OCR Interpretation

The day book. (Chicago, Ill.) 1911-1917, December 07, 1916, LAST EDITION, Image 4

Image and text provided by University of Illinois at Urbana-Champaign Library, Urbana, IL

Persistent link: http://chroniclingamerica.loc.gov/lccn/sn83045487/1916-12-07/ed-1/seq-4/

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The chief of police q North Chi
cago Ed, Lux, went hunting yester
day. Nothing unusual abolit that,
but it made it blamed inconvenient
for newspaper men who arrived in
town about five minutes, before he
went hiking toward the woods.
He is supposed to' know much more
about the raid on the Auditorium inn
in North. Chicago than reporters
have been able to find out. He is
supposed to know the names of High
land Park society folks who are said
to have frequented the hotel. And
he could have told if it were true
that a half dozen girls under 18 years
and members of socially prominent
families were caught in the raid last
The fact that young scions of weal
thy families of Lake Forest, Highland
Park and other swell, Nawth Shor'
suburbs seem to have been using
North Chicago as a trysting place for
intensive illicit lovemaking has got
ten the village all worked up.
One reason given for the'raid on
the inn is that a prominent Wauke
gan business man suspected his
wife, puf detectives on her trail and
they reported she was frequenting
the Auditorium inn with the hus
band of- another woman.
Most of the frequenters of Lake
county roadhouses are said to be
married men with other men's wives.
"I want to serve warning on the
people of Chicago, Evanston, Glen
coe or any other place, that because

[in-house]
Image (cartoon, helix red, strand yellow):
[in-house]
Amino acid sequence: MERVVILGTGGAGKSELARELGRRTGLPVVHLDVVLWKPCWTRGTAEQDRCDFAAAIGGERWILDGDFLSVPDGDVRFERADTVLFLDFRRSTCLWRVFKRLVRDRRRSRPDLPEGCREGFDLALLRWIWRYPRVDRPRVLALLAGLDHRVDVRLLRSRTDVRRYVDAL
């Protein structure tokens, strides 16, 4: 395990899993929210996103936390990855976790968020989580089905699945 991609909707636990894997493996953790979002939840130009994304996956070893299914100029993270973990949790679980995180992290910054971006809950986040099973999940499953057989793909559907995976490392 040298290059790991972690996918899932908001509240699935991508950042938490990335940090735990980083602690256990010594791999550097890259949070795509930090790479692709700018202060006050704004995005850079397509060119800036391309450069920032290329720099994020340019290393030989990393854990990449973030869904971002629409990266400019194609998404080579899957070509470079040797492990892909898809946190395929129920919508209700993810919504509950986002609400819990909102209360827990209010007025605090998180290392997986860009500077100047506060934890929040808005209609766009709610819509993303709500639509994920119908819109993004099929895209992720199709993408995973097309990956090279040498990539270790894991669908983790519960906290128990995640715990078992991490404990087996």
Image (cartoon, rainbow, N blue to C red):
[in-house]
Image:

thev have money enough to ride in
12-Cylinder cars and buy "whatever
they please, including women, that
they cannot come into Lake-county
and violate the laws with impunity,"
said Jas. G. Welch, state's att'y for
Lake county. Welch assumed office
last Monday, succeeding Dady of Or
pet case fame.
"Neither their wealth nor their
fancy names will save these people
if they are caught in raids on road-
houses. And I want to say that any -place
that is masquerading as a hotel
simply to furnish rooms to those who
steal away from their own towns in ,
automobiles for a 'time' has better
close its doors."
Another practice which State's
Att'y Welch will look into is that or,
fashionably dressed girls from Lake
Forest, Highland Park and Liberty
ville flocking to Waukegan on Sun
day afternoons and "evenings to meet
fellows from their own or other
towns and visit roadhouses along the
The Auditorium inn case is to come
up for a hearing Friday. Pressure is
being brought to induce Jos. Fegers,
manager of the hotel, to plead guilty
to running a disorderly house. This
would save the names of the others
who are said to be concerned.
"It's a frame-up," says Fegers. "On,
the night of the raid the nephew of
a Waukegan city official come to the
hotel for supper with a woman. He
did not ask for a room. When the
raid was pulled this man and woman
were found in a room upstairs. I
didn't know they were in the room
till the police found them there."
o o
Washington, Dec. 1: Germany set
up the' contention that the steamer
Arabia was a troop transport, and
admitted she had sunk it under that .
impression, in -her answer jto Ameri
can inquiries", made public at state
department, .
Germany agreed to make repara
tion if the U. S. showed vessel was
ordinary passenger liner.
The United Press learned this aft
ernoon froih official sources that this
government views the German "ex
planation as weak." While it has no
facts to disprove Germany's conten
tion that Asiastic soldier workmen
were aboard the Arabia, it does know"
that women and children were there
arid that the passenger list so showed
before the vessel sailea, ,

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